Among children with a history of wheeze at the beginning of the study, an increased risk of asthma was associated with gerbils or hamsters and birds as pets, and a decreased risk was associated with any pest in the home and with mildew (Tables 3–4).
For those associations for which the 95% confidence interval did not include 1.0, each model was further adjusted for baseline BMI, maternal smoking, history of allergies, family history of asthma, membership in an insurance plan, and SES. There was evidence of confounding only among children with a history of wheeze at study entry, for whom the RR associated with pet gerbils or hamsters increased to 3.1 (95% CI = 1.6–6.0), and the RRs associated with a pet bird and mildew decreased to 1.4 (95% CI = 0.8–2.4) and 0.5 (95% CI = 0.3–0.8), respectively.
Our results suggest that there are identifiable indoor environmental exposures that increase the risk of development of asthma among adolescents. Among children with no prior history of wheeze at baseline, there can be little doubt as to the temporal association between exposure and asthma, because children with no history of wheeze were unlikely to have had undiagnosed asthma at study entry. The association with pets, and particularly dogs, is consistent with those of some cross-sectional and case-control studies. 15,29 Other cross-sectional studies, in which allergen in house dust was measured, have found either no association with pet (or any other indoor allergen) exposure in children, 19 or a protective effect. 30 These results might have resulted from families getting rid of pets when the child developed asthma. However, two prospective studies of young children have also not found pets to be associated with asthma. 21,22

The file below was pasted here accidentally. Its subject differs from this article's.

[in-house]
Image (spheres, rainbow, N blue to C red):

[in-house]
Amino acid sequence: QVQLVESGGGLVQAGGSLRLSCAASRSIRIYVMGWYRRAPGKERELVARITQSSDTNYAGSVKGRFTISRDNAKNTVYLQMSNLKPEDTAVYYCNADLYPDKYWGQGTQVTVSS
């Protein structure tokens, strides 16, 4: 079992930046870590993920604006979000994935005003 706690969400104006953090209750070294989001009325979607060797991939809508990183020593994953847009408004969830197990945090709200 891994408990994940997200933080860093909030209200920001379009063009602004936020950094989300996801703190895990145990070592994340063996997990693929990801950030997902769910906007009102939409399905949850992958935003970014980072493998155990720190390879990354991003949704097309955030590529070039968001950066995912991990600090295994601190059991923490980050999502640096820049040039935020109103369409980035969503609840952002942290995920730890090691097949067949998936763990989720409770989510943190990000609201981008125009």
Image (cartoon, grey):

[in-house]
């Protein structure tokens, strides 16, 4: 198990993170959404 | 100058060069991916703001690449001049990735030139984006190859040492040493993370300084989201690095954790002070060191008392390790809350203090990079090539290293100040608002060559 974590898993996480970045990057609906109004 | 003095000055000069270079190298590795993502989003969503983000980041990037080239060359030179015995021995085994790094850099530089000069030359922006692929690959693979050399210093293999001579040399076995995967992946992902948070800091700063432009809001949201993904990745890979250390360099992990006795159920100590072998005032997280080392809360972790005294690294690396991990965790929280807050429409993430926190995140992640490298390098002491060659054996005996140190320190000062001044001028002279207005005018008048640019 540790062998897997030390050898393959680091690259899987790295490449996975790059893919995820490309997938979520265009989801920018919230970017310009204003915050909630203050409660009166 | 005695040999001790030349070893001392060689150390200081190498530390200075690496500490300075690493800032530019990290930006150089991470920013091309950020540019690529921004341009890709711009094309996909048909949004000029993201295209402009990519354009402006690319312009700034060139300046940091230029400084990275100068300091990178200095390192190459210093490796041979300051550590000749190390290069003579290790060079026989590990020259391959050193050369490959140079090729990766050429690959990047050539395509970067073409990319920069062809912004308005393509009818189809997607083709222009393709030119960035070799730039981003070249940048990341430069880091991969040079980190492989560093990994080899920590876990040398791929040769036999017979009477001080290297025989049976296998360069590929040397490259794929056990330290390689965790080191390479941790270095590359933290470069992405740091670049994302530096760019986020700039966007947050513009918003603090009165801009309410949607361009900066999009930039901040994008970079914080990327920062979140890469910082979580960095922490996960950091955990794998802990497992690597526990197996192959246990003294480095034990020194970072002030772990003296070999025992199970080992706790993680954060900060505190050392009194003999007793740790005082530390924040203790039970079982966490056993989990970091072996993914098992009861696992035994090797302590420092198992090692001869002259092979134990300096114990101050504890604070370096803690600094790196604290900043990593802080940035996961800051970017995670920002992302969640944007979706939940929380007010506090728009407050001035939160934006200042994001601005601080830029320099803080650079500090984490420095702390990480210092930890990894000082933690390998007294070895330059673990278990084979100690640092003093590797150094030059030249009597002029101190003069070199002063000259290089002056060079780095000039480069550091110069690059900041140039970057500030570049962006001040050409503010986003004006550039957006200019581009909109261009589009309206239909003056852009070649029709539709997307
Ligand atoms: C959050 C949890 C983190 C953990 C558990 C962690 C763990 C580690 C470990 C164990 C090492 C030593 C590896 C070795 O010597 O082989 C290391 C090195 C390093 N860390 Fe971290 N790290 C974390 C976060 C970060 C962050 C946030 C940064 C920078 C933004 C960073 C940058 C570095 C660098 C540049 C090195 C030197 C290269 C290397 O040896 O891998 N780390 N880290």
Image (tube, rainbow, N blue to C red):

One explanation for the inconsistencies among studies might be that pets have different effects at different ages. For example, an exposure early in life to endotoxin associated with pets might result in a protective shift in the immune system from a T-helper-2 cell to a T-helper-1 cell response, 31,32 whereas exposure to pets later in life might be associated with asthma. Other immunologic mechanisms for the development of tolerance at high allergen exposure among children have also been proposed. 33 In adults, a pet in the home has been associated with increased risk of pet-specific sensitization, but pet ownership in childhood has been associated with less atopy and less pet-specific sensitization in adulthood, an observation which would be consistent with different risks of pet exposure for allergic disease at different ages. 34,35 Although we had good information on age of onset of asthma in this study, participants were not asked at what age the child was first exposed to pets.
A potential explanation for the absence of an association of cats with asthma in our study is the misclassification of cat allergen exposure based on questionnaire, because cat allergen is likely to be found in public places and in homes without cats. 36